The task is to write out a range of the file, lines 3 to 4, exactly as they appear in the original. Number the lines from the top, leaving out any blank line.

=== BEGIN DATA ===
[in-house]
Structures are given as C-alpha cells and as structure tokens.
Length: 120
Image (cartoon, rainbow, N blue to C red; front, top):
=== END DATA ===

Length: 120
Image (cartoon, rainbow, N blue to C red; front, top):